The Physician/Patient Relationship Is Critical To Exceptional Healthcare

Story image for Health Care from Forbes

A lot of attention is being paid lately to the use of artificial intelligence in healthcare. There is not question that artificial intelligence and related technologies will significantly benefit patients in many ways and transform aspects of medicine. That said, it is a serious mistake – in any way – to discount the extreme importance and value of the physician/patient relationship.

According to Jeffrey Friedman M.D., Director of Medicine at Community Health Associates and a member of MDVIP, “My ability to get the best medical results for my patients is based on my medical knowledge, clinical skills, and the rapport I have with them. For example, knowing them – not just their medical history – but how they approach caring for themselves and their anxieties around health issues enables me to come up with the best course of treatment and motivate just about all of them to take appropriate actions. In my practice I put in considerable time and effort to build solid relationships with my patients that regularly translate into better medical outcomes.”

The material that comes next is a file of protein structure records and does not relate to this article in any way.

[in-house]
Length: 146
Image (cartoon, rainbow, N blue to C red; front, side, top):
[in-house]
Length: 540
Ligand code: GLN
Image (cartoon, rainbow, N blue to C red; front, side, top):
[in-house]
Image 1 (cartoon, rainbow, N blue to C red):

“The interpersonal relationship between all physicians and their patients, but especially between primary care physicians and their patients is easily lost in today’s healthcare system,” says Daniel Carlin, M.D., CEO of WorldClinic and author of The World of Concierge Medicine. “Even when the relationship is conducted over the Internet or by phone, by building rapport with patients, physicians are going to likely be able to deliver advice and treatments that will be more beneficial to their patients. While databases and other forms of technology can help facilitate this process, it’s still about the rapport between doctor and patient.”

With the onrush and embracing of technologies, such as artificial intelligence, sometimes the human element is downplayed. The reality is that people are social animals, and the relationships they establish and nurture are critical. This is certainly the case when it comes to primary healthcare.

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